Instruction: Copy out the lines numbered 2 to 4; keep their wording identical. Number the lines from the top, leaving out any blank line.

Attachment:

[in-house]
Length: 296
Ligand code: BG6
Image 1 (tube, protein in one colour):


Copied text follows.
Length: 296
Ligand code: BG6
Image 1 (tube, protein in one colour):